Moving from Emptiness: The Life and Art of a Zen Dude

Moving from Emptiness profiles Alok Hsu Kwang-han who is called a ‘Zen calligraphic painter.’ The phrase is way too small. He is a teacher of Zen Buddhism, an artist, and workshop leader. But those words do not come close to capturing who he really is.

Filmmakers Jerry Hartleben and Shaeri Richards have done the impossible. They have received—the word, ‘capture,’ simply does not apply—his essence, and share that in this feature film. We see and hear the 74 year old Alok teaching, helping people one-on-one, painting, speaking about his life and work, and talking with and about his companion, Raylene Abbott, who deserves her own documentary.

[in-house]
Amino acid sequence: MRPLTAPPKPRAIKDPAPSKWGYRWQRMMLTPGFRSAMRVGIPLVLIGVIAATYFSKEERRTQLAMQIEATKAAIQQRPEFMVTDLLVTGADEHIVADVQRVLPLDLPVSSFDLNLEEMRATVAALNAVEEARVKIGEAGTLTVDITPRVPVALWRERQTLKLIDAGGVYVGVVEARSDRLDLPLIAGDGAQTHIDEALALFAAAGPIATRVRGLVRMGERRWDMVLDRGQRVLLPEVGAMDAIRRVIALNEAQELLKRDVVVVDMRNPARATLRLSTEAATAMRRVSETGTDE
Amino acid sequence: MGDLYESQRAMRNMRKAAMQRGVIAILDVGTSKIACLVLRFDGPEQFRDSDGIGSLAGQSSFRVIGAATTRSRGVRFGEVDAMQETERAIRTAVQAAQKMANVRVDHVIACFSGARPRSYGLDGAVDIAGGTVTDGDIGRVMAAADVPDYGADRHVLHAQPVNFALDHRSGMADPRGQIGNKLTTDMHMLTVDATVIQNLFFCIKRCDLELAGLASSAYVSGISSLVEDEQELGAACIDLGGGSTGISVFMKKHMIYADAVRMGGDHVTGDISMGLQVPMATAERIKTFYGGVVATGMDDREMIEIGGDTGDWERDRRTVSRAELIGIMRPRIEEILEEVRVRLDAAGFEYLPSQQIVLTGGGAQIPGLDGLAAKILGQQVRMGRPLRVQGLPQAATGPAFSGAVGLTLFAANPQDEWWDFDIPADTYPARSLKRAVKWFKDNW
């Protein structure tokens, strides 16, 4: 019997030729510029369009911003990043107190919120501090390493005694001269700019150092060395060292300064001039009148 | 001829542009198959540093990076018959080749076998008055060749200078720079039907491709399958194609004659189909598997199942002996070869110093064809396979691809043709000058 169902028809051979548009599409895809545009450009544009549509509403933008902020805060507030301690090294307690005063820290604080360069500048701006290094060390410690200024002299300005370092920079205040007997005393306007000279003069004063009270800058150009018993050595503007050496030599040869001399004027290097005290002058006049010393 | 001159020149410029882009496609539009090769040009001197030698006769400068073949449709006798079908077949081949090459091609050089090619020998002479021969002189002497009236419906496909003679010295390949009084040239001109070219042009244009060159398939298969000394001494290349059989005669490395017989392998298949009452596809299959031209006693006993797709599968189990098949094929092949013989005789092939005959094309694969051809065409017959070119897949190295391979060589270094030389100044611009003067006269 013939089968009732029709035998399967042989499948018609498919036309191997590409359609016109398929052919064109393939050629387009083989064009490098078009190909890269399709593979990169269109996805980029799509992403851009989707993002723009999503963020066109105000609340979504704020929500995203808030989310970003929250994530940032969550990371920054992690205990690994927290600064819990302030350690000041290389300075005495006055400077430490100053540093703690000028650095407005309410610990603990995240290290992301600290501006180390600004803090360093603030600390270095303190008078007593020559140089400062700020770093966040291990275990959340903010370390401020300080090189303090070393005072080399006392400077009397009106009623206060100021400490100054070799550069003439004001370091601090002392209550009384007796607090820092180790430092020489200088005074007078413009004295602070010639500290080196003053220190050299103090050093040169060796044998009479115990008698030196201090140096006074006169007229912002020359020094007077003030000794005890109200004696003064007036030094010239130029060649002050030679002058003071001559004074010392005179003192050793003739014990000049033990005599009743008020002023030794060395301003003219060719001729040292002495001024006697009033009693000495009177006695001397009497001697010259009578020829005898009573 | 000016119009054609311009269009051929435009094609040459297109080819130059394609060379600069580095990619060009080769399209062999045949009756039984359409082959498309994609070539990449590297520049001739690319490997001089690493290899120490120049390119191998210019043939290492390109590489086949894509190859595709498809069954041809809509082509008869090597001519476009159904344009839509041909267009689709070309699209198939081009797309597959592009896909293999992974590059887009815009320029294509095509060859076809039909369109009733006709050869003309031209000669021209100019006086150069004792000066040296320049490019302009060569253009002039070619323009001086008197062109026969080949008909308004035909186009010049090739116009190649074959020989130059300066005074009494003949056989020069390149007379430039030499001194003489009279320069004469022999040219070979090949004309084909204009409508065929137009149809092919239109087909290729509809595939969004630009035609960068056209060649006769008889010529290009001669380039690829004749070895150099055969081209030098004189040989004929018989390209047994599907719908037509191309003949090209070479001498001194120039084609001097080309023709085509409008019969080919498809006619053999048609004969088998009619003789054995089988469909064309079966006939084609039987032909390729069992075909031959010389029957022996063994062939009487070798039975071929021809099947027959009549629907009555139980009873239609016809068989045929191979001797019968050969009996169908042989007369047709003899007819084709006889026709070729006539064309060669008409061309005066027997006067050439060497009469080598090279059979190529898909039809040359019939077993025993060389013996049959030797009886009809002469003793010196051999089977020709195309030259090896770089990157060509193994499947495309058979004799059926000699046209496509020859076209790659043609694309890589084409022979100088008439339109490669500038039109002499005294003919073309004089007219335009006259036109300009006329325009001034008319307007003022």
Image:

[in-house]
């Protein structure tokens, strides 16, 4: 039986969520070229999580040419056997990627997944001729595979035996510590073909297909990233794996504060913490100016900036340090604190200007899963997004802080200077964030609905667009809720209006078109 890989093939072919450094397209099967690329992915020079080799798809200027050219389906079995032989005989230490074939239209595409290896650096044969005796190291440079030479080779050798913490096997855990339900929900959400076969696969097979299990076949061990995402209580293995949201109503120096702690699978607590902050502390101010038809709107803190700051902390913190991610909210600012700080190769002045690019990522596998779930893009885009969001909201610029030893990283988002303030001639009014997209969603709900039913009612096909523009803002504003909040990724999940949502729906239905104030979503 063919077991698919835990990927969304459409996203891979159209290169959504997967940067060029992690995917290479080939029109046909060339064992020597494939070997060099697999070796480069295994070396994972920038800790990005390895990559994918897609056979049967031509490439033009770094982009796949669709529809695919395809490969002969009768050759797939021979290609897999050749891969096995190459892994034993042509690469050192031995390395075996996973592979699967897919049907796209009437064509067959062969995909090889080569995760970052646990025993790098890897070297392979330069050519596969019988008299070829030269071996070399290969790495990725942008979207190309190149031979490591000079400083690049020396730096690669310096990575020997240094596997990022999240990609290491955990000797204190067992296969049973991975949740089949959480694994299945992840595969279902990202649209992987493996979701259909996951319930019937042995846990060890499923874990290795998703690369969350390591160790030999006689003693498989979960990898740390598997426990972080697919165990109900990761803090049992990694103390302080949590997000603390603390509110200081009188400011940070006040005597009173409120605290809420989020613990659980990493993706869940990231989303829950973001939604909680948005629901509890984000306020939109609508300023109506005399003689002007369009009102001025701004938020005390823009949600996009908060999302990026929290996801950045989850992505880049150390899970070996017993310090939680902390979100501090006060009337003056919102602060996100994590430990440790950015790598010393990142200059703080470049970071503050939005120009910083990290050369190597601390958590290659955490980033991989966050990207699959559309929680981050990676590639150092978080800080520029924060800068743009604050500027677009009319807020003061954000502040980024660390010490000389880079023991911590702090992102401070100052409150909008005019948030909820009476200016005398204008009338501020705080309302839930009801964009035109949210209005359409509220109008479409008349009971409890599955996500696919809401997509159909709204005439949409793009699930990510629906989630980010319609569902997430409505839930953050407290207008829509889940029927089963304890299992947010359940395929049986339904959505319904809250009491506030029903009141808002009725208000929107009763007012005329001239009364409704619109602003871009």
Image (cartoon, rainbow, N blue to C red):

If one is to make a film about a Zen master, that film, to be successful, must mirror the tone and substance of that being presented. Richards and Hartleben do just that in every aspect of their coverage of this man who exudes compassion, peace and wisdom—and who does not fit the stereotype. In speaking about his life, Alok expresses emotion freely.

After just a few minutes I knew I was seeing a special film. At its conclusion I knew I’d just seen a masterpiece of documentary filmmaking. It is so rich in wisdom, story, and image, it deserves multiple viewings.

Moving from Emptiness is a Kino Lorber release.


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